As for what inspired Miss Whittier, Kelly says, “I had been going through a ragged stack of my children’s old books, and came across one about Quakers. Hmm, I thought, what would be the absolute polar opposite of a gently reared, New England Quaker lady? Well, a British sea captain too long on the ocean, of course!” Although Miss Whittier and the Captain find true love in the end, they endure a number of trials and tribulations along the way. Says Kelly, “I’ve never seen any point in making life easy for my fictional characters. World war played a huge and terrible role in the early nineteenth century. England fought alone against France, and Royal Navy frigate commanders were the equivalent of World War II submariners, stalking their prey with one goal alone: to keep England safe. On an innocent trip from Nantucket to South Carolina, Hannah Whittier becomes another victim of this cruel warfare.”
A well-known veteran of the romance writing field, Carla Kelly is the author of twenty-six novels and three non-fiction works, as well as numerous short stories and articles for various publications. Carla’s interest in historical fiction is a byproduct of her lifelong interest in history. She has a BA in Latin American History from Brigham Young University and an MA in Indian Wars History from University of Louisiana-Monroe.
Click here to find Carla online.
Read on for an excerpt:
The impressed seamen were quickly bundled over the side and hauled up onto the other deck. Captain Winslow dropped to his knees and wept, his head in his hands. It was more than Hannah could bear. She jumped up again and ran to the British captain, who waited to reboard his vessel. She grabbed his arms and tried to pull him around.
“Thee cannot do this! Have we no rights?” She tugged his arm, but he was anchored fast to the deck and would not budge.
“You have no rights,” he said quietly. “None whatsoever. You belong to an impertinent nation that will soon be a failed experiment. Let go of my arm.”
She did as he said and wiped her streaming eyes with her sleeve. “I wish thee to hell, sir,” she said, her voice as quiet as his and more fierce.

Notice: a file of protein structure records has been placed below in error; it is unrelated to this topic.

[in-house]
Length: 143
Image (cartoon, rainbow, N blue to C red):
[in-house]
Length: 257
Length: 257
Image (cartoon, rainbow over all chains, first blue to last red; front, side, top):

“Well I won’t go, Miss Spitfire,” he replied.
To her utter amazement, he grabbed her by the mass of hair on the back of her neck, hauled her close, picked her up, and kissed her. Her feet dangled off the deck and she grabbed onto him to take the pain off her hair, while he kissed her once, and then again more thoroughly. She clung to him, her head on fire, and tried to speak, even as he kissed her a third time, completely in command of the situation. Wild-eyed with fury, she stared at him, noting even in her rage how improbably long his eyelashes were. His eyes were closed, and he seemed to be enjoying himself immensely.
And then it was over. He set her back on the deck and released her hair. “I haven’t had that pleasure in two years,” he said softly. He stepped aside quickly in case she should strike out. “May I add that you needn’t improve upon a fine thing?”
He sprang to the railing, his arm draped gracefully in the rigging to maintain his balance, and then leaped across the space between the ships as his men laughed and cheered.
“Release the grappling hooks,” he ordered, and then looked at his first mate, who wiped tears of laughter from his eyes. “Wear the ship, Mr. Lansing, lively now.”
As she watched in total humiliation and stunning fury, the sailors on the opposite ship grinned at her and released the grapples from the Molly’s mutilated railing. The vessels moved apart quickly.